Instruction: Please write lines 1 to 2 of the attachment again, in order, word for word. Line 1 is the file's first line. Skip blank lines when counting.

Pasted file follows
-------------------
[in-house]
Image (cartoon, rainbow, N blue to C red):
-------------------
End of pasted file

[in-house]
Image (cartoon, rainbow, N blue to C red):